Armstrong Beech Marketing Article writing Copywriting

Why emotional words are essential in selling copy

Why emotional words are essential in selling copy

– and why so-called intellectuals who dabble in marketing – can be a pain in the ass…
I always enjoy receiving newsletters from Andy Owen of Andy Owen Copy and Creative.   I heard him speak at a seminar in London a few years back.   He says it as it is and there’s always lots to learn and improve on.  This is his latest newsletter.  He talks about using ‘everyday words’ and further on in the article he lists  the ten most frequently-used words in Schwab’s 100 good headlines – which is interesting!  I hope all my clients know to write all about YOU/the reader…. I go on about it often enough!  Nice to see endorsement, nonetheless…..
“You – 31 Your – 14 How – 12 New – 10 Money – 6  Who – 8 Now – 4 Why – 4 Want – 4 People – 4             (Not many intellectual words in that lot, is there?)
“I use the oldest words in the English language. People think I’m an ignorant bastard who doesn’t know the ten-dollar words.
I know the ten-dollar words. And they don’t work in copy…”
Ernest Hemingway
Read that and digest it. Read it again. And again. And believe it. Because it’s true.  Hemingway was one of the greatest writers ever.
His work has touched so many people – and will continue to do so, for as long as this world of ours keeps on turning.
One of the secrets of his success, was he was ‘real’. A man of the people…
The way he wrote, connected readily with people. Rich and poor. Of all races and creeds. People of all types and profiles. And, of all ages.
This was down to his genius – and the words he used. Copywriters today could learn so much from him.
If you are writing copy to generate a response and a positive reaction, then here are three essential copy commandments that I’m sure Ernest
would have endorsed, had he been around today.
1. Never use a ‘clever’ word when a simple one will do.
2. Use everyday words that connect to the reader and sound as if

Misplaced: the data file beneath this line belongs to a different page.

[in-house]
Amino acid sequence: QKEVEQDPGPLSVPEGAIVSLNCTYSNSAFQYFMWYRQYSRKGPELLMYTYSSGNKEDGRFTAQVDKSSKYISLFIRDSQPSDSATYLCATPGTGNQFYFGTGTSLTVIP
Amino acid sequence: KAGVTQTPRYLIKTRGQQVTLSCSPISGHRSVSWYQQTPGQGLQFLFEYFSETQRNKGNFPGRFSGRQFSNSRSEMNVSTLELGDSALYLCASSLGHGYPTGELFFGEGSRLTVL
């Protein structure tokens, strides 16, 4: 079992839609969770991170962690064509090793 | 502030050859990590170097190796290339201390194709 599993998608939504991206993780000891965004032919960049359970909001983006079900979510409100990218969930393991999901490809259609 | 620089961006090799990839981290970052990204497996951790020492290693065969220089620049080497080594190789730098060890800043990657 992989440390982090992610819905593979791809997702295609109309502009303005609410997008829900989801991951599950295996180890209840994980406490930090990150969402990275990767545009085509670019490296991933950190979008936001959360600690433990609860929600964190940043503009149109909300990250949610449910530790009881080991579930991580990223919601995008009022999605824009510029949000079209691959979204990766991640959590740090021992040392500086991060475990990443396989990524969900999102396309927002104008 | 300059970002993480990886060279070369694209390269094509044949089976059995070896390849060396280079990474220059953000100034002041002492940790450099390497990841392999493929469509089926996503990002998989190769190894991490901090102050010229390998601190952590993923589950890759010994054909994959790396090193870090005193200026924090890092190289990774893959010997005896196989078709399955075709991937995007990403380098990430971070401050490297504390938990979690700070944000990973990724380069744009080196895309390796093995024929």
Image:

you are talking naturally to them.
3. Keep any so-called intellectuals as far away from your copy as
Read Andy’s article here

Armstrong Beech Marketing Brand Buying Personas Target Customer Target Market

Your Brand – what is it? Fluffy nonsense or something fundamental to your business?

Your Brand – what is it?  Fluffy nonsense or something fundamental to your business?

There are so many articles and papers written on what a brand is or should be.   I’ll add my thoughts to these and touch on a recent example where getting your branding wrong can make a huge difference to your share price!

So then, what is branding?

Firstly, what it isn’t:   It’s not just about your logo!
It’s about meaning. It’s about what you and your business actually mean in people’s heads and hearts.” (Simon Middleton).  You must connect with customers and audiences emotionally, authentically and inspiringly, making sure what you say and believe you are, really is how you are perceived.  And it’s really important to understand this;  if not you may be portraying a brand image to your prospects and customers that is not necessarily the key value that is associated with you by your customers.   It could be something quite different…..   So you need a survey, a questionnaire to your users to ask them, and then a process to consider the results, educating your team about the findings to develop a clear positioning statement, a list of brand values/traits, the brand promise and the brand story

Your brand personality can help your brand by

  • helping to suggest the kind of relationship that a customer has with your brand
    Brand Loyalty
    Brand Loyalty
  • brand loyalty – think John Lewis
  • giving a vehicle for differentiation which is difficult to copy

Successful Branding: Five key elements

Think of it as a set of human characteristics associated with your business.
Brand Position: this describes what you do and for whom; what makes you unique, special and different from your competition and why should your customers buy from you.   Back to target customer, of course, thinking also about gender, age, socioeconomic position and also emotional characteristics.  Once you’ve defined this, make it available in 25/50/100 words – which can then be developed into your Elevator Pitch.
Brand Promise: this is what you promise to deliver to your customers EACH AND EVERY TIME YOU CONNECT WITH THEM.  To come up with your promise, consider what customers, employees and partners should expect from every interaction with you and ensure your brand promise reflects this.
Brand Personality: How does your brand ‘behave’?   Brand Traits illustrate what you want to be known for – think about specific personality traits you want prospects, clients, employees and partners to use to describe your organization.   Work towards 4-6 traits – single adjectives.  For example, this could include sincerity, excitement, competence, sophistication and strength